The Doctor, Barbara and Ian rescue a surrogate granddaughter from the clutches of a madman on the planet Dido
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The Doctor, Barbara and Ian arrive on the planet Dido for no apparent reason. The Doc is understandably despondent, missing his dear granddaughter, who is no longer a member of the band. Guess he shouldn’t have left her in post-apocalyptic London with one shoe and a fiancé who, let’s face it, was never properly vetted.
Anyway, naturally, the gang gets split up; Barb and Ian encounter a dagger-faced alien who subsequently chucks Barb off the side of a cliff; and Barb miraculously survives and is taken in by soon-to-replace-Susie, Vicki. It transpires an English spaceship crashed on Dido, only two members of whose crew are still alive, namely, Bennett (who is severely suspect) and Vicki (who sports the shortest dress in the galaxy and promptly bends over to flash her pants to the shocked viewers of 1964).
She and Bennett are being kept hostage in the spaceship wreckage by local sociopath and aforementioned dagger-faced maniac, Koquillion, and it is now up to the gang to rescue the survivors from him, while eluding harmless, slow-moving, vegetarian Sand Beasts, and figuring out their group dynamic will suffer greatly if they don’t substitute Susan asap. Neatly bookended.
This Doctor Who story is not a “real” serial. A two-parter, it acts mainly as exposition for Vicki, although one might argue that she was, at least in one scene, a tad over-exposed. If unclear, see screenshot above. Unsurprisingly, our review of this serial got a bit out of hand in that we mainly just took the piss out of it.
The Ratings & Review Section of this podcast starts at 59m19s.
Big thanks, not unlike last time, to Gina, JD and Davis for sending in their mini-reviews, all of which are also included in this podcast episode and posted here below.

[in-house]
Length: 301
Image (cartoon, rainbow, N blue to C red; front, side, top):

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Really don’t have to much to say about The Rescue other than the Edge of “Descrusion” at least was entertaining. I cant wait to hear you guys tear this story apart. I was bored through the first episode and fell asleep during the second. I did appreciate the Doctor forgetting Susan was gone and appearing fairly melancholy which I felt William Hartnell acted beautifully. I also did like that they landed on a planet the Doctor had been to before and had actual knowledge of. I had figured out pretty early on that Bennett was Koquillion which was very unsatisfying. However, I did find Bennett’s abusive treatment of Vicki hilarious because it reminded me of season 1 doctor. Vicki is not much better than Susan, naive, young and easily distressed. Not sure if you guys noticed the look the Doctor gave Vicki after being reunited with Barb, its quick and only for a second, but he looks like he wants to kill her. The ending with the ghosts or people was just plain lazy writing.
Overall I would give this a 0.5 because this is the first time the Doctor changes his approach and willingly invites someone to travel instead of his go to method of kidnapping. Love you guys!!